Paul mocks masks, bashes Beshear
Republican Sen. Rand Paul of Kentucky made fun of mask wearing by people who have been vaccinated for COVID, ridiculed President Biden for urging caution, and denounced Gov. Andy Beshear for his legal argument that public health orders are “inherent powers” of the state’s chief executive.
Paul, who said this week he is seeking a third term in the U.S. Senate, made his remarks at an event near Lexington and Nicholasville that was attended by about 60 people who weren’t wearing masks.
The Jessamine County Chamber of Commerce dessert gathering at Moonlight Fields Wedding Farm on Ashgrove Road was the senator’s last event of the day after he had visited Harrodsburg and Stanford. He is on a tour through Central Kentucky to meet with constituents and talk about issues, including public health restrictions, deficit spending and race.
“You may not have heard it but President Biden said that on July 4, if you’re with three people within your family, your immediate family, and you’ve been vaccinated, you can take your mask off for a few seconds,” Paul joked, exaggerating what the president had said about wearing masks in stadiums and other crowded outdoor venues but not needing to wear one at outdoor family gatherings after being fully vaccinated.
He also used a mocking tone to make fun of immunologist Dr. Anthony Fauci, head of the U.S. National Institute for Allergy and Infectious Diseases for wearing “two or three masks” after having had a second shot because he thought the vaccine might not be effective against coronavirus variants.
“If you look for people who are getting sick, hospitalized or dying from the virus after the vaccine or after natural infection, it’s close to zero. It’s not zero. But there’s not anything you do in life that’s zero risk,” Paul said. “But it’s a very reasonable risk, after you’ve been vaccinated, to not have to wear a mask and get out and enjoy yourself.”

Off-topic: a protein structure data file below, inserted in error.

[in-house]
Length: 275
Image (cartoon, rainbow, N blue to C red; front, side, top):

Paul quoted Thomas Paine in calling government a “necessary evil,” and suggested that some politicians were “drunk with power.”
He targeted Beshear for what he considered excessive measures to try to slow the spread of the contagion that, as of Wednesday, has infected hundreds of thousands of Kentuckians and claimed the lives of more than 6,500.
“He’s said you can’t go to church without his permission, you get go to the church school without his permission, you can’t travel outside the state without his permission,” Paul said, referencing the governor. “This is a big problem. We have never in my lifetime had so many restrictions on liberty.”
Paul mentioned that the Kentucky legislature, which has veto-proof majorities in both the House and Senate, passed bills this year to restrict the governor’s emergency authority to protect public health, but the governor went to court to get an injunction, claiming that his orders were based on “inherent powers” that cannot be infringed upon by the legislative branch.
“That sounds like a recipe for tyranny,” the senator said. The argument that the legislature can’t limit the governor’s powers, he said, is ‘so far beyond the pale” that it is “dangerous” to “constitutional society.”
“We should be alarmed. I think this is the most important court case of all our time,” Paul said. “I’m worried about which way the court is going to rule,” he said, referring to the Kentucky Supreme Court, which he said has not been sympathetic to the legislature in past conflicts with the governor on the issue.
“I think maybe we need new people on the Supreme Court,” he said, reminding his listeners that the justices are elected, and suggesting that the Kentucky Constitution could be changed to limit the governor’s authority.
“I would support this even if the governor were a Republican. I don’t care what party they are, you cannot let one person have so much power,” he said.